People of Faith are in the ‘miracle business’
An estimated 200 people of faith gathered in Washington, D.C., on Sunday morning in preparation for the Forward on Climate Rally on the National Mall. The brief prayer service preceded the larger rally of an estimated 40,000 people urging President Barack Obama to take action against climate change and to reject the Keystone XL pipeline.
Mirele Goldsmith of Jews Against Hydrofracking reminded the gathering of faithful that in Jewish teaching “if something is right it is kosher and if it is wrong it is not kosher.” Climate change, she said, is “not kosher.” Opening the Alberta tar sands to exploitation is “not kosher.” She offered a traditional Jewish blessing to be said when one encounters natural wonders.
Alycia Ashburn, climate change organizer for the Christian social justice group Sojourners, offered a rousing roll call of the groups present for the prayer service in sub-freezing temperatures with a 20 mph wind, including co-sponsor Interfaith Power & Light (MD.DC.NoVA), Catholic Workers, Franciscan Action Network, The Shalom Center, Christians for the Mountains, Young Evangelicals for Climate Action, Green Faith, Interfaith Moral Action on Climate, Karuna Buddhist Vihara, Kids vs Global Warming, Maryknoll, and Green Hevra.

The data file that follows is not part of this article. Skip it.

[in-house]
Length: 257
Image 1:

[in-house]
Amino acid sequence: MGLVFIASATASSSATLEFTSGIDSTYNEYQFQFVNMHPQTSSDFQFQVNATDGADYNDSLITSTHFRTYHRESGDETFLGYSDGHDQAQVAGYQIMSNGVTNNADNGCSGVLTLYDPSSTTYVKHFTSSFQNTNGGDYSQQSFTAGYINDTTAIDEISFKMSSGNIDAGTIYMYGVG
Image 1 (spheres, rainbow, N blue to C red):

Sojourners’ Rose Berger fired up the group by saying, “Some people claim it will take a miracle to turn the oil companies around. Some people say it will take a miracle to reverse climate change. It’s a good thing we are people in the miracle business. We understand the mechanics of miracles and we are going to make it happen. As people of faith, we are the leaven, the yeast of this movement. We are the catalyst. Let’s move forward on climate in the wonder-working power of the Spirit.”
As the interreligious, multi-faith rally marched down the National Mall toward the Washington Monument, they joined forces with Unitarian Universalists and Jews for Peace as they all moved into the main body of the demonstration. On stage the Rev. Lennox Yearwood of the Hip Hop Caucus and Methodist environmentalist Bill McKibben stirred up the crowd by preaching “By God, we are going to stop this [Keystone XL] pipeline and get this country to take action on climate change.”
Correction: An earlier version of this post identified Mirele Goldsmith as with Greater Washington Interfaith Power & Light, which is now known as Interfaith Power & Light (MD.DC.NoVA).
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